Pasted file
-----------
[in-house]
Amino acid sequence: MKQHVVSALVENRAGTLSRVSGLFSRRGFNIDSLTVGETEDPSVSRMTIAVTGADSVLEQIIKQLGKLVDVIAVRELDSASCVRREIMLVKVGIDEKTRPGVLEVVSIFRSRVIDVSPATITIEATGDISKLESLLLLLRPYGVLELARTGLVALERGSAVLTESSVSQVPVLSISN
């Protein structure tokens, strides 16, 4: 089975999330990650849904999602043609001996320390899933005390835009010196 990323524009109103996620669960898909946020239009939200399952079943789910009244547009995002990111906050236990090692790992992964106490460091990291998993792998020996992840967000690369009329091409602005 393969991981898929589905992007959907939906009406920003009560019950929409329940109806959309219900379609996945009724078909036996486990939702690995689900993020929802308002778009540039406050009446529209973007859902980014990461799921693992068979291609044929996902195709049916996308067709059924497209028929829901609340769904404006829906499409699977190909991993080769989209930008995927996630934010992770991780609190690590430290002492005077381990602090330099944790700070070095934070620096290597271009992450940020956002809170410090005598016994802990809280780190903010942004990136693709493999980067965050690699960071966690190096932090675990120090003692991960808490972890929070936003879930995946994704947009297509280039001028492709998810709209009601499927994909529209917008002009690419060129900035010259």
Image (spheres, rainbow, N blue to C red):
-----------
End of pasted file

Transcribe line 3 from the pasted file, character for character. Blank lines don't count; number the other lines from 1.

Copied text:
């Protein structure tokens, strides 16, 4: 089975999330990650849904999602043609001996320390899933005390835009010196 990323524009109103996620669960898909946020239009939200399952079943789910009244547009995002990111906050236990090692790992992964106490460091990291998993792998020996992840967000690369009329091409602005 393969991981898929589905992007959907939906009406920003009560019950929409329940109806959309219900379609996945009724078909036996486990939702690995689900993020929802308002778009540039406050009446529209973007859902980014990461799921693992068979291609044929996902195709049916996308067709059924497209028929829901609340769904404006829906499409699977190909991993080769989209930008995927996630934010992770991780609190690590430290002492005077381990602090330099944790700070070095934070620096290597271009992450940020956002809170410090005598016994802990809280780190903010942004990136693709493999980067965050690699960071966690190096932090675990120090003692991960808490972890929070936003879930995946994704947009297509280039001028492709998810709209009601499927994909529209917008002009690419060129900035010259």